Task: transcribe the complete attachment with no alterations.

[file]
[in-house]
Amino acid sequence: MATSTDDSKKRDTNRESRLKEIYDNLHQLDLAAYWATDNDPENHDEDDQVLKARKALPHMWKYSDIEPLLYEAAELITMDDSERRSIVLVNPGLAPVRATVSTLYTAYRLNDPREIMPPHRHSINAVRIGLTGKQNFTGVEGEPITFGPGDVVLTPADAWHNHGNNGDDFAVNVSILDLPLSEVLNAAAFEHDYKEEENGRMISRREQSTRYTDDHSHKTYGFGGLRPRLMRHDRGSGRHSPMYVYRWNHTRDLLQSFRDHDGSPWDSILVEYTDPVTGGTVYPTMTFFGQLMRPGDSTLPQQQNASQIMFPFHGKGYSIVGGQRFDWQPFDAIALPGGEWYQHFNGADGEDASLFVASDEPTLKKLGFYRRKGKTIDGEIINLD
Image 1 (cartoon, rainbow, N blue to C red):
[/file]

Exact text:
[in-house]
Amino acid sequence: MATSTDDSKKRDTNRESRLKEIYDNLHQLDLAAYWATDNDPENHDEDDQVLKARKALPHMWKYSDIEPLLYEAAELITMDDSERRSIVLVNPGLAPVRATVSTLYTAYRLNDPREIMPPHRHSINAVRIGLTGKQNFTGVEGEPITFGPGDVVLTPADAWHNHGNNGDDFAVNVSILDLPLSEVLNAAAFEHDYKEEENGRMISRREQSTRYTDDHSHKTYGFGGLRPRLMRHDRGSGRHSPMYVYRWNHTRDLLQSFRDHDGSPWDSILVEYTDPVTGGTVYPTMTFFGQLMRPGDSTLPQQQNASQIMFPFHGKGYSIVGGQRFDWQPFDAIALPGGEWYQHFNGADGEDASLFVASDEPTLKKLGFYRRKGKTIDGEIINLD
Image 1 (cartoon, rainbow, N blue to C red):